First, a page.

In The Cultural Impact of RuPaul's Drag Race: Why are we all Gagging? (Intellect, 2021) Cameron Crookston has compiled chapters from scholars in theatre and performance studies, English literature, cultural anthropology, media studies, linguistics, sociology, and marketing. The collection analyzes the global impact of RuPaul's drag race on local, live cultures, fan cultures, queer representation, and the very fabric of drag as an art form in popular cultural consciousness. The collection goes beyond the mere analysis of the show itself and examines the profound effect that RuPaul's Drag Race has had on the cultures that surround it: audience cultures, economics, branding, queer politics, and all points in between. What was once a cult show marketed primarily to gay men, Drag Race has drawn both praise and criticism for its ability to market itself to broader, straighter, and increasingly younger fans. The show's depiction of drag as both a celebrated form of entertainment and as a potentially lucrative career path has created an explosion of aspiring queens in unprecedented numbers and had far-reaching impacts on drag as both an art form and a career.  Rebekah Buchanan is an Associate Professor of English and Director of English Education at Western Illinois University. Her research focuses on feminism, activism, and literacy practices in youth culture, specifically through zines and music. Learn more about your ad choices. Visit megaphone.fm/adchoices Support our show by becoming a premium member! https://newbooksnetwork.supportingcast.fm/sociology

    Teresa Irene Gonzales, "Building a Better Chicago: Race and Community Resistance to Urban Redevelopment" (NYU Press, 2021)

    Play Episode Listen Later Sep 6, 2021 61:10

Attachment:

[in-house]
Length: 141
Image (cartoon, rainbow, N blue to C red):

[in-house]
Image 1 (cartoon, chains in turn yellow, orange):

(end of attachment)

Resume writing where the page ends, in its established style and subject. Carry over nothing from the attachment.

Despite promises from politicians, nonprofits, and government agencies, Chicago's most disadvantaged neighborhoods remain plagued by poverty, failing schools, and gang activity. In Building a Better Chicago: Race and Community Resistance to Urban Redevelopment, Dr. Teresa Irene Gonzales shows us how, and why, these promises have gone unfulfilled, revealing tensions between neighborhood residents and the institutions that claim to represent them. Focusing on Little Village, the largest Mexican immigrant community in the Midwest, and Greater Englewood, a predominantly Black neighborhood, Gonzales gives us an on-the-ground look at Chicago's inner city. She shows us how philanthropists, nonprofits, and government agencies struggle for power and control—often against the interests of residents themselves—with the result of further marginalizing the communities of color they seek to help. But Gonzales also shows how these communities have advocated for themselves and demanded accountability from the politicians and agencies in their midst. Building a Better Chicago explores the many high-stakes battles taking place on the streets of Chicago, illuminating a more promising pathway to empowering communities of color in the twenty-first century. Michael O. Johnston, Ph.D. is an Assistant Professor of Sociology at William Penn University. His most recent research, “The Queen and Her Royal Court: A Content Analysis of Doing Gender at a Tulip Queen Pageant,” was published in Gender Issues Journal. He researches culture, social identity, placemaking, and media representations of social life at festivals and celebrations. He is currently working on a book titled Tug Cities: Community Media Representations of Place and Identity at a Tug of War Festival. This book is about the media representations of place and identity at an annual interstate tug of war festival where cities in two states across the Mississippi River from each other come together one week during the summer as rivals to duke it out on the rope. You can learn more about Dr. Johnston on his website, Google Scholar, following him on Twitter @ProfessorJohnst, or email him at johnstonmo@wmpenn.edu. Learn more about your ad choices. Visit megaphone.fm/adchoices Support our show by becoming a premium member! https://newbooksnetwork.supportingcast.fm/sociology